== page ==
A new survey shows that car owners are not afraid of hackers

A new survey shows that car owners are not afraid of hackers

Only five percent of owners are concerned that their cars could be hacked. This is demonstrated by a new survey conducted by YouGov for the Automotive Suppliers Association (ABL).

Another 17% are somewhat concerned, but do not consider the risk to be that great. 42% do not think there is any cause for concern. Mark others as I don't know, or the question is not relevant.

Piracy is a phenomenon that is developing with the increasing number of mobile computers in modern cars. It is likely that more and more people will see the importance of taking precautions, says Arild Hansen, Managing Director of ABL in a press release.

Take good care of your keychain

Theft of the vehicle itself is the most significant risk, according to Stein Peckevold, who was editor of the magazine Teknisk Ukeblad for a number of years and who is trained as an aeronautical and automotive engineer.

– An electronic key is a wireless transmitter that can access the vehicle and can be read even without physical possession. By taking good care of it, and not letting unauthorized people get close enough to extract data, you can make it difficult for a thief, says Beckevold.

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It is currently considered that the risk of hackers taking control of the vehicle while the owner is driving is low.

– It is not impossible, in the same way that it is possible to break into a smartphone. But it's complicated, and the car must be connected to the Internet. At the same time, vulnerabilities increase as the number of connected electronic systems increases.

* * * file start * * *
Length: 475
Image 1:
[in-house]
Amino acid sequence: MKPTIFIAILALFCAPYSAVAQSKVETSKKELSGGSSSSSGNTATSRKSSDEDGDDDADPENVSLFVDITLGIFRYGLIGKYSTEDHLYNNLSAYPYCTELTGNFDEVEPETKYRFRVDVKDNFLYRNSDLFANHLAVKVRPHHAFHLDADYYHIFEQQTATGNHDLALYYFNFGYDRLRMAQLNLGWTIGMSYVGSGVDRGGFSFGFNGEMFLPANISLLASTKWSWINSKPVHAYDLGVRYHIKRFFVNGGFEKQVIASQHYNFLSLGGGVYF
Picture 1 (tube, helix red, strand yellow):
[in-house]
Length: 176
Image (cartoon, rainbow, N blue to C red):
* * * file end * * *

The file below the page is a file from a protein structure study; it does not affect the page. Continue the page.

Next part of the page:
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Among the potential risk points discussed in relation to this type of hacking are data collected via apps, mobile phone signals, navigation system, car radio and wireless tire pressure monitoring.

Good habits provide more security

The fact that vehicle software updates are largely done online could also open up an opportunity for hackers, points out Simen Hughes, Managing Director of Simco AS. Østfold specializes in automotive electronics, repair, diagnostics and support.

– For owners, it is important to establish good habits to ensure the best possible safety, including knowing where to park the car. A private yard or garage is safest, while the risk increases if the car is parked near a curb or in large parking facilities, Hughes says.

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If you have to use public parking facilities, he recommends installing a steering lock to secure the car as much as possible.

The survey conducted by ABL showed that women are less concerned about being hacked than men. Older car owners are also much less concerned than younger ones.

– Going forward, it will be important that risks are well communicated. Not by engaging in panic-mongering, but through sober consumer information, says Arild Hansen.

Hanisi Anenih

Hanisi Anenih

"Web specialist. Lifelong zombie maven. Coffee ninja. Hipster-friendly analyst."

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